New Delhi: The upcoming Netflix release “Upstarts” is the first Indian film to capture the startup mania sweeping the country. The film’s director Udai Singh Pawar says the audience will get to understand India’s startup revolution in a fun, emotional yet realistic way.
It all started with a question, says Pawar: “Why is there no Indian equivalent to international film ‘The Social Network’?” That led Pawar, who has graduated from IIT Kanpur, on a journey to explore the world behind the startups in India. He says it is a “fictional story but based on things that happened in reality”.
“I studied at IIT Kanpur, and worked at Microsoft Research for three years. I have a background in Bengaluru because I lived there. That was during my techie life. Then I left that life and did films over the past 10 years. I worked for Sudhir Mishra and then I worked on Akshay Kumar’s ‘Airlift’. The film’s director Raja Krishna Menon and I get along well. After we finished ‘Airlift’, he asked me ‘Why don’t you direct something and I will produce it?’ So he was the one who gave me a break,” Pawar told IANS while looking back at his journey.
“He told me to make a film that ‘only you can make, something personal’. That is how I started thinking about my life and these things. I thought about the people from startups like Ola and Paytm. There are western films like ‘The Social Network’, but there is no Indian equivalent to that,” he added
The director continued: “I know these people and I know what it takes. So, I thought why don’t I make a film on that and in the course of that talk a bit about startup world…The beauty is that you need not have a degree or something, as long as you have an idea. This is a very interesting time in our country where this world is opening up, so why not talk about the startup revolution in a fun way.”
“Upstarts” follows the journey of three young college graduates Kapil (Priyanshu Painyuli), Yash (Chandrachoor Rai) and Vinay (Shadab Kamal) from a small town in India, who are captivated by the startup mania sweeping the country. They then decide to start their own company that will change the world. It delves into “What has greater value, their dreams or their friendship?”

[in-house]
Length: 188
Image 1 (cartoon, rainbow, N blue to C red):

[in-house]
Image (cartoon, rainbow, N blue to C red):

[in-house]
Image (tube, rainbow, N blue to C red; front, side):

The film, which is backed by Raja Krishna Menon through his Bandra West Pictures banner, will release on October 18.
“It is a fictional story but based on things that happened in reality. For the film, I went back, met a lot of founders and people from startups like Ola, Paytm, and inMobi. In fact, I even met people from small companies, which shut down. Because I wanted to know the whole extreme of emotions. I was interested in the emotional journey…How does it feel when you are young and you get Rs 100 crore,” he said.
Pawar feels people want to watch movies for “emotional reasons not factual”.
“For me, it is not very interesting that they did this coding. It was interesting to see that young people want to make their lives better. Everyone wants to be successful and make an impact, and everyone wants to do it with their friends — that is what the film is about,” he said.
He did a lot of “research on the emotional as well as the technical side of it”.
“I don’t want to emphasis on the technical side but want to get it right. We narrated the script to people associated with the startup world, and they said it was a bit dramatic but true.”
Talking about adding drama to the story, Pawar said: “The beauty is, what I didn’t realise till I started with the research, is that drama is not about gangsters, or guns. Drama is our life will be very simple, like a fight with boss or argument with mother or father. It will be dramatic and we are consumed by it.
“There’s big money and drama involved in startup companies. I started digging into it, like we heard about the Snapdeal case, I thought of going behind the scenes and see the interpersonal drama. The film is realistic and authentic, and based on hundreds of true stories,” he said, adding that they got associated with Netflix organically.
“Netflix understood the idea. They were happy that I have got actors who are not big stars. They knew that (it is important to be) realistic,” added the director.